Players see the way coaches treat the referees, and coaches should be the one to teach their players to respect others, and learn to communicate without arguing and yelling uncontrollably. Referees are humans also and they like to be treated fairly with respect. Talk to them and ask your questions in a non-aggressive tone in order convey your concerns in a most responsible and mature way.

Referees will also respect you by the way you are dealing with them. In addition, it is also a good idea to learn their first names, so you can effectively address them during the games. The chances of them responding or listening increases if they see that they get recognized.

Abusing and shouting at the referees may harm your team a number of ways: First, it reflects your coaching bad. When you focus on justices of appeal, meaning you do not focus on your team, that also means that you are missing moments for your players. Second, you cannot have answers on calls. Once you need to question a call there is a tendency that they will not listen to your appeal. This can cost you the game. Third, some calls might be done against you if you constantly harass referees. Some referees will start making calls against you deliberately. Fourth, terrible team play: players often imitate their coach’s ways. If you shout bad words to referees, your players will almost certainly do the same thing. This will result in your players to come on the wrong side of the judges. Even when they accuse officials rather than take responsibility for poor play, this can lead to negative mental state for the whole team.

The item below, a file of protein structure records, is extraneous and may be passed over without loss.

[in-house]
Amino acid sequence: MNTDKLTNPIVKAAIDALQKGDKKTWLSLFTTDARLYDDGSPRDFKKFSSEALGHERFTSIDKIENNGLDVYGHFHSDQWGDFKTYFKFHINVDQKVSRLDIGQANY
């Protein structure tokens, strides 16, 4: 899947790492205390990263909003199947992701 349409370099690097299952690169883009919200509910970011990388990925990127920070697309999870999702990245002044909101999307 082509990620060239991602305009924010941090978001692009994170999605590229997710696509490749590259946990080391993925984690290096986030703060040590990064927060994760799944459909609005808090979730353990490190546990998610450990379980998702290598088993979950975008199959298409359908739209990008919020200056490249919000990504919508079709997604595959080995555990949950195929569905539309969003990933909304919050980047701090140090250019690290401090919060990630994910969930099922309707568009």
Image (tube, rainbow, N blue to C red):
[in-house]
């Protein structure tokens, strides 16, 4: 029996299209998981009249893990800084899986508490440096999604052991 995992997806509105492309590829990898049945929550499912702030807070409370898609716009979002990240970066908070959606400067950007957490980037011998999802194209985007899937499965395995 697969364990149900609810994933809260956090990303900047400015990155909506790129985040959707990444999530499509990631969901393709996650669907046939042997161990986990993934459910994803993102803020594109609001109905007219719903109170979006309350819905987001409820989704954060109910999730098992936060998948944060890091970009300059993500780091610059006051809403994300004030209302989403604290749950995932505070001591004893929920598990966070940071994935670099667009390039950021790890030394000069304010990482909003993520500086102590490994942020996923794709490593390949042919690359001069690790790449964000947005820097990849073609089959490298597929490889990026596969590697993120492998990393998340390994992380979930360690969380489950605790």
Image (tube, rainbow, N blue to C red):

4. Question a call in an assertive, but non-aggressive manner.
If you can still talk to the referee during breaks, take the opportunity to discreetly give him your concerns. If you have any questions to certain calls, referees are more likely to listen to criticism. Observe the referees’ body language and mode. If he does not care about what you are saying, stop the communication. If you shout and scream all the time, you might find yourself get kicked out off the game.

5. Serve as a role model
With influence and power comes great responsibility. Coaches have to accept and take this into consideration. I invite you to think very seriously about the example they give their players. Remember that players are a reflection of their coaches. Effectively treat a difficult situation as it sends a message of self-control and discipline to the team. Players, especially young ones, can often mimic the action of the head of the team. Players will tend to follow your ways, therefore you must serve as a good role model to your players.

Even if referees are poorly officiating the game, it is still the coach’s task to ensure that his players are always on top of their game. A strong coach can be able to express respect and patience as guiding principles towards success.

“Act immediately.” Better to live with a decision than linger with indecision. And for all we know, the Cowboys might already have made their decision. Just haven’t said. – Parcells

[info_box]Picture credit: JMRosenfeldCreative Commons Attribution[/info_box]